Jon Hawkins knows how to read a crowd.

Known professionally as DJ Jon, he’s been playing dance tunes for people of all ages at Portland-area clubs and events for two decades. But in the past few years, he’s realized there’s a glaring gap in dance music made for young people, middle schoolers and teens especially.

“It seems that most of the music for kids that age are songs about frogs and baby sharks, then it goes straight into hip-hop songs about heroin or violence,” said Hawkins, 51, of Portland. “There aren’t a lot of American pop songs that are fun for kids to dance to and are just about love.”

Noticing this gap, Hawkins a few years ago became intently interested in K-pop – danceable, upbeat pop music from South Korea – and has been spreading it around Maine ever since. He plays K-pop at weddings, in clubs and at school dances. He’s also playing a lot of it on the radio, something that’s fairly rare across the country.

He’s been hosting a show called “K-Pop Mega Mix” on the University of Southern Maine community radio station WMPG on Mondays at 4 p.m. for about two years, and this spring he began the “KPop After Hours” show on his weekend overnight shifts on Portland commercial station WHTP – Hot Radio 104.7 FM. He’s also got a website called, where he blogs about K-pop and streams sets of songs.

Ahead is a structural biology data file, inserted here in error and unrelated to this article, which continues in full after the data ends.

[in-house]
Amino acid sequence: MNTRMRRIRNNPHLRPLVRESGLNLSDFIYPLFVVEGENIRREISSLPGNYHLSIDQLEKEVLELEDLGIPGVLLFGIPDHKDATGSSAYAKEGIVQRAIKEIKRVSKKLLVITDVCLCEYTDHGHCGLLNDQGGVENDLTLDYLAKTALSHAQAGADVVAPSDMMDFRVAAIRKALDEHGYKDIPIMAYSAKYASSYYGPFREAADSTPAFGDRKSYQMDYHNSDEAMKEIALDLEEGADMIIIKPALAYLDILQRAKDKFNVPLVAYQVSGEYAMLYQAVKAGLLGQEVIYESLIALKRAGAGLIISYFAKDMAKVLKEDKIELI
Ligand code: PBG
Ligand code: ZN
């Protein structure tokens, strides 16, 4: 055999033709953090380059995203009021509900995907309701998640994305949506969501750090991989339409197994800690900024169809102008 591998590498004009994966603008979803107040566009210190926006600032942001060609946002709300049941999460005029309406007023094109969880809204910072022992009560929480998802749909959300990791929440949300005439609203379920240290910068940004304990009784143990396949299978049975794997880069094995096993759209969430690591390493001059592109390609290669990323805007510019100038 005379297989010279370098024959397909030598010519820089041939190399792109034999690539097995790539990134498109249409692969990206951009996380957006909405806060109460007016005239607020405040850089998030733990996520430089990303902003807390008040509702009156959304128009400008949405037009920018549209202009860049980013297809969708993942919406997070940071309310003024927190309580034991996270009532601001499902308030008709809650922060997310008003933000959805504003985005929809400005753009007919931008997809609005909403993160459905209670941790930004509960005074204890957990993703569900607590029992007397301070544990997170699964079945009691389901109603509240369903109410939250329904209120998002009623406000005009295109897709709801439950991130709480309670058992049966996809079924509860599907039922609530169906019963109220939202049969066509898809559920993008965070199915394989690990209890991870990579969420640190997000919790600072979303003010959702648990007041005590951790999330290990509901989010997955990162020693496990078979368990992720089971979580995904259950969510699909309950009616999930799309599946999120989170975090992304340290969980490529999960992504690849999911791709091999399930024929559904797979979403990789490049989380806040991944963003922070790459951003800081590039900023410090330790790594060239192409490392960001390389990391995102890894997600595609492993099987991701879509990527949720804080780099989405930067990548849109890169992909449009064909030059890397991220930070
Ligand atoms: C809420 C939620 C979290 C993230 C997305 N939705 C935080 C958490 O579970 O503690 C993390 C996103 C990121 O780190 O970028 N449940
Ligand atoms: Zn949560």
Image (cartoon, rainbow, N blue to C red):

Hawkins recently played K-pop tunes, including requests, at a school dance in Falmouth and a wedding in Stockton Springs. He’s opening a show for rapper and DJ Lil Jon in Hampton Beach, New Hampshire, on Thursday and is thinking about playing some K-pop then.


The K-pop section at Newbury Comics inside the Maine Mall in South Portland. Brianna Soukup/Staff Photographer

Before the pandemic Hawkins played some K-pop events at local nightspots or outdoor festivals, often accompanied by a local K-pop dance group and calling themselves Krush Dance Krew. Cherlline Ouch, one of the dance group members, said K-pop fans share a sense of community and a longing to have fun.

“I love dancing and meeting other people, and K-pop lets me do that,” said Ouch, 24, of Portland. “It’s just a fun music that helps you escape, helps you get away from stress.”


Hawkins grew up in the Washington, D.C., area and started working as a DJ in college at Towson State in Maryland. He moved to Portland in the early ’90s and worked at The Studio, a recording studio downtown, where he mixed and mastered recordings for various artists.